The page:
World War I Poetry: Themes, Analysis & Quotes

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  • 0:04 World War I Poetry
  • 0:50 Honor
  • 2:23 Injury
  • 3:50 Gender Relations
  • 5:16 Formalism
  • 6:01 Lesson Summary
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Lesson Transcript
Instructor: Leslie McMurtry
In this lesson, you'll be introduced to some of the most important figures in World War I poetry. These will include soldier-poets and civilians. We will look at some of the most enduring poems and examine their themes and what they have to say, analyzing individual lines.

World War I Poetry

World War I (1914-18) was one of the most climactic events of the twentieth century. There were more than 41 million casualties worldwide. The mechanization and sheer scale of the conflict was matched by a change in poetry; more than 2,200 poets from Great Britain and Ireland alone wrote war poetry. For the first time, the soldier-poet became a distinct figure in literature. In the last one hundred years, the idea of World War I poetry has typically emphasized soldier-poets over civilians, male writers over female writers, and English poets over other nationalities. World War I poetry includes a wide range of themes and voices. Four of the most important themes are the abstract rhetoric of honor, injury, gender relations, and poetic formalism.

Honor

Generally, the soldier-poets of World War I are divided loosely into two groups: the early and late poets. The early poets tended to write poems that endorsed the cause of war and emphasized abstract notions of honor. The late poets tended to be more anti-war and either abandoned abstraction to focus on the details of the war experience or contrast abstract ideas with cold, hard reality. Probably the most famous World War I poem, which belongs to the early group, is ''In Flanders Fields'' (1915) by Canadian John McCrae, which begins with the lines ''In Flanders fields the poppies blow / Between the crosses, row on row.'' In this poem, which commemorates the war dead, McCrae's use of the imagery of the red poppies in a Belgian field was so striking, the red poppy remains a well-known symbol for World War I in Great Britain in particular, and for veterans in general.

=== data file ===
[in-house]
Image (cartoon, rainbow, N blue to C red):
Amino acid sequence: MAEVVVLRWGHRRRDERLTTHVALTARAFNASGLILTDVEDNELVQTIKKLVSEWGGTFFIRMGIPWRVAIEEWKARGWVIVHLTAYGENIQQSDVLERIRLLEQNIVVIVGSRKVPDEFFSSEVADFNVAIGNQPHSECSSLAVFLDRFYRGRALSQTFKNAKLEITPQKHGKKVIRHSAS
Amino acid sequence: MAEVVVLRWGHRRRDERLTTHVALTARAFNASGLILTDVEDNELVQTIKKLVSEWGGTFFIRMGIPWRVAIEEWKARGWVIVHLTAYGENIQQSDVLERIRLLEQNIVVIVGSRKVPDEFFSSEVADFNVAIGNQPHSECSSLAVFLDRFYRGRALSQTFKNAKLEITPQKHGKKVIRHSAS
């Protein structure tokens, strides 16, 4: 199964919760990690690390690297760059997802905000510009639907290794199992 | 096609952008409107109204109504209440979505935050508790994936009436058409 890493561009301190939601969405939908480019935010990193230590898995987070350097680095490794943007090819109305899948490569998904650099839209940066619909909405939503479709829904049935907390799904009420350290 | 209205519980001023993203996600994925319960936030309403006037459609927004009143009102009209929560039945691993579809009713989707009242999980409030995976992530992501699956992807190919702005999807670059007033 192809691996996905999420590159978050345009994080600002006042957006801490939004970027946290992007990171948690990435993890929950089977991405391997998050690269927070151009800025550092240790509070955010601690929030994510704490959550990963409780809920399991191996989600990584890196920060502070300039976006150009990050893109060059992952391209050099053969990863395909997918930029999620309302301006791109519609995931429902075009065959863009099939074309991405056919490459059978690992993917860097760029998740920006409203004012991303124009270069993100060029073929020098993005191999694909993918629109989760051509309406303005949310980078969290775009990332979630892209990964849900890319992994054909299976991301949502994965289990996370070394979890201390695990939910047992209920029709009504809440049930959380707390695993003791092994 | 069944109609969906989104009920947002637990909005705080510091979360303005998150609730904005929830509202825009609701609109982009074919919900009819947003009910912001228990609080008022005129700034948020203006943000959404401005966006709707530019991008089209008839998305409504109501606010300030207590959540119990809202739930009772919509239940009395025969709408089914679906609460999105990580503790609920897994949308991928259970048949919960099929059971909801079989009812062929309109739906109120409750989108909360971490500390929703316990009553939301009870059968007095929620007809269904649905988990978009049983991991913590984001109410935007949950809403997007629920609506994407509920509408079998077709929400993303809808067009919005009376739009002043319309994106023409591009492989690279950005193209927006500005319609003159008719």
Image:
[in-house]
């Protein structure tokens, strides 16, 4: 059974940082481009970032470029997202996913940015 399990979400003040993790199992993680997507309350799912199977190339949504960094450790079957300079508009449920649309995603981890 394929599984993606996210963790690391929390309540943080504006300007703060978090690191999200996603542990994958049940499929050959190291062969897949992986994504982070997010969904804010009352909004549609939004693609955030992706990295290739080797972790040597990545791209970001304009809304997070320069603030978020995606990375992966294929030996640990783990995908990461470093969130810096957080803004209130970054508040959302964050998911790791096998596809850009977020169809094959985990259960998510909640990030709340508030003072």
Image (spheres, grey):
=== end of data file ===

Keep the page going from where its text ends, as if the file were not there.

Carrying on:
Armistice Day artificial poppies at Ypres
Armistice Day poppies

Rupert Brooke is also one of the early soldier-poets. A well-to-do man educated at Cambridge, Rupert Brooke's patriotic verse was celebrated during his lifetime. Poems such as ''The Dead'' (1914) are awash with imagery and lyricism. The poem concludes by equating a good death with glory, ''He leaves a white / Unbroken glory, a gathered radiance, / A width, a shining peace, under the night.'' The abstract rhetoric of honor formed the basis for much wartime poetry, but little of it strikes a modern audience as effective or unpretentious. Rupert Brooke died early during the war, and later poets lived to provide a much more harrowing experience of life in the trenches.

Injury

Wilfred Owen and Isaac Rosenberg, two of the later war poets, epitomize the dirty, frantic, and painful nature of trench warfare. Despite the persistent belief that all World War I poets were upper-class English officers, soldier-poets tended to be educated and come from largely middle-class backgrounds (Rosenberg was an exception).

Wilfred Owen was one of the most important World War I poets, writing that: ''My subject is War, and the pity of War. The Poetry is in the pity.'' Isaac Rosenberg discusses the aftermath of injury on dead bodies in the nightmarish ''Dead Man's Dump'' (1922). The bodies of soldiers killed, Rosenberg writes, are returning to the earth; there is no appeal to glory and a peaceful end, as Brooke had previously alluded. Mutilation is written about baldly, as in these lines: ''The wheels lurched over sprawled dead / But pained them not, though their bones crunched, / Their shut mouths made no moan.''

Injury became a major theme in World War I poetry as disfigurement and emotional damage were suffered by so many combatants. Wilfred Owen's confrontational ''Disabled'' (1917) tackles the theme of injury head-on. The wounded veteran has lost arms and legs, and this visual record of his injuries ostracizes him from civilian society. Shocking lines like, ''leap of purple spurted from his thigh'' emphasize war injuries and post-war trauma whereby able-bodied readers are invited to imagine the man's existence.

Anvil Wood, 1918, Collection of National Media Museum (Frank Hurley/Australian War Records Section)
Anvil Wood, 1918

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